Summary (from Goodreads):
“In this second book in “New York Times” and “USA Today” bestselling author Cora Carmack’s New Adult, Texas-set Rusk University series, which began with “All Lined Up,” a young woman discovers that you can t only fight for what you believe in sometimes you have to fight for what you love.
Dylan fights for lost causes. Probably because she used to be one.
Environmental issues, civil rights, corrupt corporations, and politicians you name it, she s probably been involved in a protest. When her latest cause lands her in jail overnight, she meets Silas Moore. He’s in for a different kind of fighting. And though he s arrogant and infuriating, she can t help being fascinated with him. Yet another lost cause.
Football and trouble are the only things that have ever come naturally to Silas. And it s trouble that lands him in a cell next to do-gooder Dylan. He s met girls like her before fixers, he calls them, desperate to heal the damage and make him into their ideal boyfriend. But he doesn’t think he s broken, and he definitely doesn’t need a girlfriend trying to change him. Until, that is, his anger issues and rash decisions threaten the only thing he really cares about: his spot on the Rusk University football team. Dylan might just be the perfect girl to help.
Because Silas Moore needs some fixing after all.”
I’ve loved every book that Cora Carmack has written but this is easily my new favorite.
It’s definitely her sexiest book to date (which is pretty impressive, all things considered) but that’s not why. (Okay, that’s not entirely why.)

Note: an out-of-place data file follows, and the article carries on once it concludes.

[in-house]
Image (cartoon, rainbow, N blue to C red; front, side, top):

Silas and Dylan could easily have been caricatures, right? I’d be willing to bet that if you read the synopsis, you’ll picture her as a young Reese Witherspoon (and if you didn’t before, you probably agree with me that she sounds perfect) and Silas sounds like any one of a number of bad boys that we’ve encountered in books and movies and TV shows since there WERE books and movies and TV shows.
I immediately identified with Dylan, as I think any over-achiever would tend to do. She’s smart and funny and a good friend. She’s also prone to living her life to please other people, as opposed to living the kind of life she wants to lead.
As for Silas, he’s living exactly how he wants to, but is terrified that things will change and he’ll live the sort of life he was destined for before he found football.
These two absolutely should not work, but they do. And it’s more than a little magical to see how they fall for each other and how they just mesh.
I’m very excited that the next book will be about Torres, because I liked him a lot in this novel. (I really hope the fourth book will be about Stella, because she deserves something happy.)
The only problem is that book three isn’t out until SPRING. You guys, that’s forever!